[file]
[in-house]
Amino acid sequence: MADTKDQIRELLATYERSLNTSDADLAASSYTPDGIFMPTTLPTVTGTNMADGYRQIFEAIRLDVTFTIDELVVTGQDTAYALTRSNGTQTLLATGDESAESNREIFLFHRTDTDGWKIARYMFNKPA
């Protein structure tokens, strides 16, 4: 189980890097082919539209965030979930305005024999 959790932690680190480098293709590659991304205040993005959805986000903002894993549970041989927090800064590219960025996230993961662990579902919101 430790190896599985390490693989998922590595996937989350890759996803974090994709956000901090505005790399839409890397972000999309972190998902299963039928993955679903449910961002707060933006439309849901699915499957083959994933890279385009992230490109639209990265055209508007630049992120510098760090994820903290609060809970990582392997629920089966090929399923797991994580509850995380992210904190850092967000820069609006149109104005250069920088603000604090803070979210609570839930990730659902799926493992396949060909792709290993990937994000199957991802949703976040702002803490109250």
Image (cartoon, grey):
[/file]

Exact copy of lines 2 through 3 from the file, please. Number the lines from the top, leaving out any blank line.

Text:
Amino acid sequence: MADTKDQIRELLATYERSLNTSDADLAASSYTPDGIFMPTTLPTVTGTNMADGYRQIFEAIRLDVTFTIDELVVTGQDTAYALTRSNGTQTLLATGDESAESNREIFLFHRTDTDGWKIARYMFNKPA
């Protein structure tokens, strides 16, 4: 189980890097082919539209965030979930305005024999 959790932690680190480098293709590659991304205040993005959805986000903002894993549970041989927090800064590219960025996230993961662990579902919101 430790190896599985390490693989998922590595996937989350890759996803974090994709956000901090505005790399839409890397972000999309972190998902299963039928993955679903449910961002707060933006439309849901699915499957083959994933890279385009992230490109639209990265055209508007630049992120510098760090994820903290609060809970990582392997629920089966090929399923797991994580509850995380992210904190850092967000820069609006149109104005250069920088603000604090803070979210609570839930990730659902799926493992396949060909792709290993990937994000199957991802949703976040702002803490109250």